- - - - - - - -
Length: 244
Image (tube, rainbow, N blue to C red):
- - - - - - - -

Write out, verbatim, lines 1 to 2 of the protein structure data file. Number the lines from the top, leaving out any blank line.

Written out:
Length: 244
Image (tube, rainbow, N blue to C red):